Parkinson's disease (PD) is a chronic neurodegenerative disorder affecting approximately 1% of the population aged >60 years worldwide, with a rising prevalence with age. The progressive course of PD is associated with increasing morbidity and mortality. Disease progression in PD is caused by ongoing degeneration of dopaminergic and other neurons, characterized by symptoms of resting tremor, rigidity, bradykinesia (slowness of movement) and postural instability. In the absence of recognized, reliable biological markers, disease states and disease progression in PD have been defined and measured by the presence and/or severity of motor symptoms. The natural history of PD is also characterized by an increasing incidence of non-motor symptoms, including dementia, depression, behavioural problems and sleep disorders, and autonomic dysfunction, such as gastrointestinal and genitourinary problems.
There are currently no interventions that prevent or modify the lifelong progression of PD. Many PD motor symptoms can initially be controlled by dopamine replacement therapy using medications such as levodopa, which is converted into dopamine in the brain. However, long-term use of levodopa is associated with motor fluctuations (fluctuating periods of motor performance where the tremor, rigidity and bradykinesia recur at times such as end-of-dose 'wearing off' or random 'on/off' fluctuations) and dyskinesias (jerky, involuntary movements) that eventually add to the burden of PD. Non-pharmacological approaches are also available to manage the motor and non-motor symptoms of PD. These include surgical stimulation of brain neurons, rehabilitation, physiotherapy, occupational therapy, speech therapy and behavioural and psychological interventions.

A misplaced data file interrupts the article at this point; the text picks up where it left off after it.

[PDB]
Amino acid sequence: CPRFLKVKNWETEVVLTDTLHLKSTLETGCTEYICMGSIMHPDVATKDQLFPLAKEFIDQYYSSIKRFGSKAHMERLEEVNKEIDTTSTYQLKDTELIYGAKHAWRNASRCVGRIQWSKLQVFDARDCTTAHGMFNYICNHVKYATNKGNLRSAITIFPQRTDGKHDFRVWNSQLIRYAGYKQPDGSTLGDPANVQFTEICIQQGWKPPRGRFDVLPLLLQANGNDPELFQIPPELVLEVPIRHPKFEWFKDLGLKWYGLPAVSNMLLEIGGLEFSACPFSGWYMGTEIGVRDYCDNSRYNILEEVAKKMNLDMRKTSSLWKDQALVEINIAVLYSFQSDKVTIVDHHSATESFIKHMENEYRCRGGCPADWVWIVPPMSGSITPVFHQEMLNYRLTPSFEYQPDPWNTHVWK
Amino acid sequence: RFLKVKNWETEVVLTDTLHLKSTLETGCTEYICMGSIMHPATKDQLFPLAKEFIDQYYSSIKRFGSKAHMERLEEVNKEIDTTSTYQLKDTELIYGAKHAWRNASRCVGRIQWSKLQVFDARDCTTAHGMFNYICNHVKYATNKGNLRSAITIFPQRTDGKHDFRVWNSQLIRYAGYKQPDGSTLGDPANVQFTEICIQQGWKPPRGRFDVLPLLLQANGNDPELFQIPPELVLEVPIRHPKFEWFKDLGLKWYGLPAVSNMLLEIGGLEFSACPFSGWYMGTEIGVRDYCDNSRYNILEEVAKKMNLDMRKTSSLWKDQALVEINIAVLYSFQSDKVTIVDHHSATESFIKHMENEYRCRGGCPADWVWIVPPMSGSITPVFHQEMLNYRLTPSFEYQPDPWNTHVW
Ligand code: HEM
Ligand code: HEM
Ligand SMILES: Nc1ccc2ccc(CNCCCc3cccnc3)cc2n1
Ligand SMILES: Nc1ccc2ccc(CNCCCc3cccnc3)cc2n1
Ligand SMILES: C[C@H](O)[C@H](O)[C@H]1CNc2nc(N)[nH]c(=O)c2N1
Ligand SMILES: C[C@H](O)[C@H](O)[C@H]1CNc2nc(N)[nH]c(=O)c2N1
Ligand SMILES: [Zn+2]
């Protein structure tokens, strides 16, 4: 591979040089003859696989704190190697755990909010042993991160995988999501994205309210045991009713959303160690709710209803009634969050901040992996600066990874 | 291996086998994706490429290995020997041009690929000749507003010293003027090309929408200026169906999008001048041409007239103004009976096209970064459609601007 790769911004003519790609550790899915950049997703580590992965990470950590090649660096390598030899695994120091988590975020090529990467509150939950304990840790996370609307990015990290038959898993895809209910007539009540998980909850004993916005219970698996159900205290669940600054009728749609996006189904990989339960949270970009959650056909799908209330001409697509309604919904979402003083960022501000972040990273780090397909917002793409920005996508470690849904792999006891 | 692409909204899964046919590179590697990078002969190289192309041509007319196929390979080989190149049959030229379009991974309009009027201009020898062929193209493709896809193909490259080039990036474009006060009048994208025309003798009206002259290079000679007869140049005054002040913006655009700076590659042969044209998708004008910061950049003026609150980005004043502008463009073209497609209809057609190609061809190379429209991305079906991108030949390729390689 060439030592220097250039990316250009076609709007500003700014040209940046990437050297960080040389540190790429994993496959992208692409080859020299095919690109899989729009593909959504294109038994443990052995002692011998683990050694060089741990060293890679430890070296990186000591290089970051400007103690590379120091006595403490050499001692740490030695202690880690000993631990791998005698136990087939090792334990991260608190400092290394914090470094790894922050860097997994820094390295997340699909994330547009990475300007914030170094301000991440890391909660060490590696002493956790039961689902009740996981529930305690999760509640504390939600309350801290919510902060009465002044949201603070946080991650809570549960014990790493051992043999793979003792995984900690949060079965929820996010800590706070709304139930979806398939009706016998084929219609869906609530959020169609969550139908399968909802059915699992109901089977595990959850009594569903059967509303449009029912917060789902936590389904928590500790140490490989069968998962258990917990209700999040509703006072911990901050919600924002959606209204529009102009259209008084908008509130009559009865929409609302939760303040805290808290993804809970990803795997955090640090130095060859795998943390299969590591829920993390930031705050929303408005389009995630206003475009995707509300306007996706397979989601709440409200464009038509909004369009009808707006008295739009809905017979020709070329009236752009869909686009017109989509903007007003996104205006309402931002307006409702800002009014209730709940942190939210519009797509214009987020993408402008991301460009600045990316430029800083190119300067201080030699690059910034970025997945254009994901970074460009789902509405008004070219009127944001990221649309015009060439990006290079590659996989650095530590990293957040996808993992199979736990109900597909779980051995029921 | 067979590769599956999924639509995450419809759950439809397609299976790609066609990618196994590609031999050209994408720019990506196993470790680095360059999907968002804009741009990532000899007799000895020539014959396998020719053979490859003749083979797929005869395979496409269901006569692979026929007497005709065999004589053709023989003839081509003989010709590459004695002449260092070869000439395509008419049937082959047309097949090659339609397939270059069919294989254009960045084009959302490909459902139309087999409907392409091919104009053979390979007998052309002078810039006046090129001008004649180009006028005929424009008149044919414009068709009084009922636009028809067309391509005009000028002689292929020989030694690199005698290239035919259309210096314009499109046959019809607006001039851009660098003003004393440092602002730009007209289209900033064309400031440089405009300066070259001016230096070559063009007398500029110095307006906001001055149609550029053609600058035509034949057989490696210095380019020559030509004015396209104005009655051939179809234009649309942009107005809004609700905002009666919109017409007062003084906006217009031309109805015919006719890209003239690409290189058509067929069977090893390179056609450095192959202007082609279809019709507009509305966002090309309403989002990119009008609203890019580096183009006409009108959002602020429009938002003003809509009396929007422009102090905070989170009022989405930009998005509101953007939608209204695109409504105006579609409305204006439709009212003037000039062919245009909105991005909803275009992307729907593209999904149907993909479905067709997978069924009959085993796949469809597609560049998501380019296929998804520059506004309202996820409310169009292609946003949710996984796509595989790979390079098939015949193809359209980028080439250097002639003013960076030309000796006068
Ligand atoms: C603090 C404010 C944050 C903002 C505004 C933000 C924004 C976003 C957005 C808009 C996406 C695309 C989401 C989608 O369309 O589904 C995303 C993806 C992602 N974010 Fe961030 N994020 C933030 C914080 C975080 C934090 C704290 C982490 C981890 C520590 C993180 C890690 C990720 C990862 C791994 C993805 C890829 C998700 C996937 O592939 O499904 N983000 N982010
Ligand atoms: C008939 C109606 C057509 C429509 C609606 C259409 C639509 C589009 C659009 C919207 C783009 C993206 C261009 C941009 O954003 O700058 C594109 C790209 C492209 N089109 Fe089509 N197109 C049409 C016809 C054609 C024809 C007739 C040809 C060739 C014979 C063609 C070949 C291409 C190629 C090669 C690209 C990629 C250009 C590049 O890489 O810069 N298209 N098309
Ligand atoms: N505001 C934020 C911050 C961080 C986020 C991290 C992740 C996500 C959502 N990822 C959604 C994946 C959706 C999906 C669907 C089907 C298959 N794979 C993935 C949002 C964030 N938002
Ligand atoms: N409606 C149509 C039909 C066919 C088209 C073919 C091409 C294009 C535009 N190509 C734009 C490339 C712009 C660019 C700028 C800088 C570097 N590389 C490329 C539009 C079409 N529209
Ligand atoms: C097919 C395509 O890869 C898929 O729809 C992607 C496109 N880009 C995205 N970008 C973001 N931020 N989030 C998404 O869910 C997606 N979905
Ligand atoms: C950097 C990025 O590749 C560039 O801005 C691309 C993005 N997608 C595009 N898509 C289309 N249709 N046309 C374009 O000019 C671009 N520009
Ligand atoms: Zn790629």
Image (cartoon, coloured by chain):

The physical disability, morbidity and psychosocial difficulties associated with disease progression in PD negatively impact the health-related quality of life (HR-QOL) of people with PD. As populations age, PD is expected to represent an increasingly significant healthcare burden on individuals and healthcare systems. Against the growing demand for healthcare and support from those with PD, it is inevitable that future health technology developments (as well as existing health technologies) for PD will be subject to scrutiny due to healthcare resource constraints and difficult priority-setting conditions.
Cost-effectiveness analysis is now commonly used to inform decisions about competing treatment options based on a comparison of relative benefits and costs. However, the longer-term empirical data needed to inform healthcare decisions for PD (such as disease progression, morbidity and mortality, disability in activities of daily living, home care requirements, institutionalization, HR-QOL) are rarely provided by clinical trials or observational studies. Indeed, it is unlikely that data from randomized controlled trials, even those with concurrent collection of health economic data, will be sufficient to satisfy the needs of decision makers who require a synthesis of all the evidence relevant to their specific decision-making context. In the absence of empirical data, modelling methods have been used to estimate the future costs and future consequences of alternative treatment strategies. Where data are not available on longer-term outcomes, decision-analytic models can provide a logical mathematical framework to extrapolate intermediate outcomes (i.e. clinical endpoints) from a range of sources, including clinical trials, to final outcomes relevant to decision makers.[7,8]
The literature on decision-analytic modelling in PD is relatively undeveloped. Two recent reviews, one of decision-analytic models in PD and another of the cost effectiveness of pharmacotherapies in early PD, identified only eight published studies. Both reviews found considerable methodological differences between the published models that impeded any comparison of findings. …